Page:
It comes as Crikey’s Amber Schultz is delving into Marie Stopes, the leading provider of abortion services in Australia and the sole provider of RU-486 (now known as mifepristone). At the moment a person pays out of pocket $42.50 for the drug, while the government pays pharmacies a hefty $353.84. The centralised market is concerning — one abortion clinic founder claimed having just one supplier meant the Australian government paid more than was necessary for the subsidy. Australia isn’t the only one with a “mifepristone monopoly”, Schultz says: New Zealand has just one brand available too. It’s good reading.
ON A LIGHTER NOTE
A dog who had escaped from home ended up winning a ribbon at a dog show. It all began when British woman Paula Closier was pottering around her home in West Sussex on the weekend when she suddenly noticed things were quiet. A little too quiet. After a brief search through her home she realised Bonnie, her five-year-old beagle cross, was missing. Closier was so worried: Bonnie was a rescue dog from Crete — what if she had become confused and tried to find her way back to the idyllic Greek island?
Meanwhile Bonnie was padding along a nearby road when a guy named John Wilmer spotted her. Wilmer was rushing to get to a dog show nearby, but he couldn’t just leave Bonnie behind with no owner in sight. So Bonnie jumped into the car with him and his two dogs, and they drove off. He posted about the found dog on social media when he arrived at the dog show, but when he looked at her big almond eyes, “she was such a lovely dog, I thought it’d be good to enter her”. The next minute, a proud Bonnie was having a bright yellow ribbon fastened to her collar — she’d won third place. “I was so pleased she did so well,” Wilmer told the BBC. And Closier, who was reunited with Bonnie shortly after, was thrilled about her win. “You couldn’t make this stuff up,” she said.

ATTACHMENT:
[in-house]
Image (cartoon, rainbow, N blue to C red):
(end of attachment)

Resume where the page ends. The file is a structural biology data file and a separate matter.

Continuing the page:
Wishing you a little spring in your step today, folks.
The new government should do more than be slightly better than Scott Morrison and slightly better than business as usual.
The Greens leader wants Prime Minister Anthony Albanese to be way more ambitious in the fight against climate change, pointing out the science is clear: Labor’s 43% emissions target falls short of the Paris agreements temperature goals.
“But interestingly, and ironically, very often the problem is not that the translation is not accurate, but that it is wilfully too accurate. Too often what is delivered as a figure of speech intended for domestic Chinese audiences who are versed in revolutionary language ends up being translated verbatim. Such ‘faithful’ translation is too tempting for journalists not to use — when it suits their purposes — even though some are well aware of the proper cultural context in which the hyperbolic statement was made.
“A good example is a speech to commemorate the centenary of the Communist Party of China by President Xi Jinping last year. Addressing the party, Xi was translated in the West as saying: ‘The Chinese people absolutely will not permit any foreign power to bully, oppress or enslave us. Those who vainly attempt to do so will bloody their own heads when they collide with a great wall of steel composed of the flesh and blood of over 1.4 billion Chinese people’ … By contrast, the official Chinese translation was effective and truer to the intended meaning…”
“While they were pressing their case, White House counsel Pat Cipollone learnt of the meeting. He bolted to the Oval Office with deputy counsel Eric Herschmann and staff secretary Derek Lyons. Over the ensuing hours, amid shouting and insults, the White House officials vehemently rejected allegations that the election was fraudulent. Cipollone shot down their claims with a simple question: ‘Where is the evidence?’ They had none, because there was none. He told the plotters: ‘At some point you have to put up, or shut up.’
“Trump heard every word. When the meeting ended after midnight, Trump was left alone. Then he pressed the button. At 1.42am he tweeted ‘Big protest in D.C. on January 6th. Be there, will be wild!’ As multiple witnesses have testified, backed up by emails, text messages, and videos, this was the spark that summoned the mob.”